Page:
- Isocrates' Use of doxa
Even though Isocrates presents Antidosis as a thorough defense of his educational program, he says very little about it, choosing instead to offer lavish portraits of his own earlier writings, elaborate arguments in defense of his reputation, and painstaking attacks against his competitors. One of the few passages where he speaks directly and explicitly about his educational views concerns the type of teaching of which he approved. "[T]eachers of philosophy," he remarks in an obvious reference to his own instruction, begin their students' training by acquainting them with "all the forms of discourse in which the mind expresses itself." Past this type of training, he goes on to say,
when they have made them familiar and thoroughly conversant with these lessons, they set them at exercises, habituate them to work, and require them to combine in practice the particular things which they have learned, in order that they may grasp them more firmly and bring their theories into closer touch with the occasions for applying them —I say "theories," for no system of knowledge can possibly cover these occasions, since in all cases they elude our science. Yet those who most apply their minds to them and are able to discern the consequences which for the most part grow out of them, will most often meet these occasions in the right way. (184)
The passage is important for a number of reasons. First, it makes clear that Isocrates conceives learning not so much in terms of possessing a specialized body of knowledge as in knowing how to apply principles to specific situations. Students will be educated in the art of logos, not only when they have become familiar with "all the forms of discourse, ," but, more importantly, when they have learned how to apply principles of the art to practical situations. Second, the passage also makes clear that the proper site for applying the principles of the art of logos is the domain of politics. [End Page 61] Teachers of "philosophy" will guide students to apply their knowledge of the art of logos, not in every situation, but in those situations that deal with contingencies and that call for decisions about future courses of action, whose outcome is unknown and whose consequences are unforeseen. Along with many other sections throughout his writings, the passage above offers one more indication that Isocrates' educational program focuses principally on instruction in political or symbouleutic speaking, political discourse or logos politikos. Finally, as the passage states, the domain of situations addressed by his instruction is on the level of contingency and kairos, a domain belonging to the order of doxa, not the order of epistēmē. His teaching of political discourse relies on a method of adjusting opinions and conjectures to specific cases, on bringing doxa in closer proximity to kairos.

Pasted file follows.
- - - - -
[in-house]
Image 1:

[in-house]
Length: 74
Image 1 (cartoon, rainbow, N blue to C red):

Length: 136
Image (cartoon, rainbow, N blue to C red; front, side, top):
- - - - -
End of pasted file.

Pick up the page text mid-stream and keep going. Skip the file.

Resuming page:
The passage above, then, sets the conceptual stage for the type of civic education with which Isocrates associates his teaching throughout the Antidosis: the teaching of logos politicos, not for its own sake, but for the purpose of citizenship and statesmanship, an education in speaking well for the purposes of citizenship and statesmanship. By guiding students in how to apply rhetorical principles to practical situations, how to make choices about future courses of action with an eye to potential consequences, and how to adjust choices made to the demands of changing circumstances, he is in fact preparing students to participate in their city's deliberations as citizens. Should they rise to the occasion and be prepared to address the city's problems by submitting the judgments they formulate to the principles of contingency and timeliness, they may very well become leaders of the city one day, capable statesmen or celebrated citizens of the polis .
But the passage also leaves several questions unanswered. To begin with, there is the question of the label "philosophy." Does Isocrates use the term philosophia to "denote his rhetoric" (Too 1995, 193) or to suggest an "implicit denial of rhetoric" (Cahn 1989, 134)? Is this label meant to be an act of "appropriating the term 'philosophy'" (Nehamas 1990, 5) or of positing "a contrasting definition of philosophy" (Timmerman 1998, 157)? Can the...